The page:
Fire N Desire’s 1969 Derby “Orbit” Turns 50!

Jul 23, 2019 | ASD History, Manitoba Derby

Fire N Desire. 1969 Manitoba Derby.

Fire N Desire. 1969 Manitoba Derby.

by Bob Gates

It’s been 50 years since Fire N Desire won the 21st running of the Manitoba Derby. The recent media flood of documentaries reminds us of another event that shares this anniversary. Fire N Desire’s July 19, 1969 Derby romp took place on the eve of the Apollo lunar landing.

It was an exciting time and we all remember where we were and what we were doing when Neil Armstrong and company landed on the moon. The historic feat of July 20, 1969 may have over-shadowed our Derby that year and yet sweet memories of that Manitoba Derby remain.

For myself it was father and son day at the races. Dad’s been gone now for six years, but that Derby is the best memory I have of my father, James Harold Gates. Fire N Desire’s Derby win will forever be linked with the treasured memory of my Dad.

Fire N Desire wins City of St. James Assiniboia Handicap. July 11, 1969.

Fire N Desire wins City of St. James Assiniboia Handicap. July 11, 1969.

Mike Olito will never forget that Derby day either. Mike had his first date with his future bride, Verla and the two of them have been around the track for what seems like forever. It was a memorable Derby for jockey Dickie Armstrong as well. He got his one and only Derby win aboard Fire N Desire.

Fifty years ago, Fire N Desire and Armstrong won a thrilling duel with Icy Song and Avelino Gomez in the “Run for the Tartan.”  Now there’s a phrase we don’t hear these days. The following day another Armstrong aboard Lunar Module “Eagle” landed safely in the Sea of Tranquility on the moon and he went for his famous stroll. You have to admit, there’s something about those Armstrong boys.

Any way you look at it, the 1969 Derby run was a classic. Five of the nine combatants were by the legendary Nearctic, sire of the great Northern Dancer.  Two of Canada’s top jockeys were in Winnipeg to try and put a Manitoba Derby notch in their belt for the first time. Avelino Gomez got the call on Warren Beasley’s Icy Song and Brian Swatuk was riding Conn Smythe’s The Northerner. Gomez had just won his fourth Queen’s Plate with a win aboard Beasley’s Jumpin Joseph. Swatuk had ridden 224 winners and earned $580,424 in purse money in 1968, making him Canada’s top jock.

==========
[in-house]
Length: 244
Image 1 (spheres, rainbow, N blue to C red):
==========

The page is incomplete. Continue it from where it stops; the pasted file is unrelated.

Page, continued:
No other story lines were needed, but then there was Fire N Desire. Owners Sam Lima and Morris Rose brought their “Cinderella” horse west. They had claimed, some say “stole,” the son of Nearctic out of Gai Parisienne that April for $12,000.  Together they suffered through a couple of lackluster efforts before the brown colt found himself and started to run in a way befitting of his name.

Fire N Desire was red hot going into Manitoba’s Derby. In his five races leading up to his Derby run he’d registered four victories and a third-place finish. Included in these races was a win in the Queen’s Plate Trial and of course the third-place finish in the Queen’s Plate. Not to mention that in his race just prior to the Trial he paid $108 to win! Lima and Rose sure got their money worth! Even in today’s dollars, the $12,000 price tag was a bargain price for a horse of his caliber.

Fire N Desire wins 1969 Queen's Plate Trial.

Fire N Desire wins 1969 Queen’s Plate Trial.

Lima and Rose’s main competition was expected to come from Warren Beasley’s Icy Song. Beasley elected to leave Queen’s Plate winner Jumpin Joseph at home. Word on the street was that he didn’t need Jumpin Joseph to win the Manitoba classic. Apparently, Beasley was quoted as saying “why use a shotgun when a rifle will do the job!”

The official form chart shows that after the opening quarter Fire N Desire bested Icy Song all the way to the wire. Years later Dick Armstrong told me that Icy Song got his nose in front a couple of times in between the points-of-call. After a grueling stretch battle, Fire N Desire beat Icy Song by the shortest of heads and set up, at that time, a record low Quinella of $3.10.  Dad and I, like everybody else, nailed it. We had the “Q” five times.

The finish met with thunderous applause as Fire N Desire and Armstrong outlasted Icy Song and Gomez in what was truly one of the best duels in Downs history. The edge went to Armstrong, who pinned Gomez on the rail. Gomez may have known the Queen’s Plate track, but Armstrong knew Assiniboia Downs. The headline in the Winnipeg Free Press said it all – “Fire N Desire Had Just Enough of Both.”

A few years ago, I contacted Sam Lima and talked about his 1969 Derby experience. Sam laughed as he told me the after-party at a local Winnipeg hotel cost just about as much as the winners share of the $12,500 Derby purse. We spoke a few times over the years and Sam always wanted to know when I was coming to Toronto. “We have to go to the races,” he would say.

This past February I received the sad news that Sam Lima had passed. He was 89. In 2018 Sam received a special Sovereign Award for his contributions to thoroughbred racing as a former vice-president and director of the HBPA and long-time President of the Toronto Thoroughbred Racing Club.

Sam doted on his Manitoba Derby champion and our sympathies go out to his children Joanne, Sal, Carolyn and John and his wife of 63 years, Frances. Sam and I never got to the races, but we fondly remember his Derby win, which celebrates its golden anniversary alongside of the most historic event of mankind.

Happy 50th Sam. Please give Fire N Desire’s nose a kindly rub for me.

Fire N Desire. 1969 Manitoba Derby winner.

Fire N Desire. 1969 Manitoba Derby winner.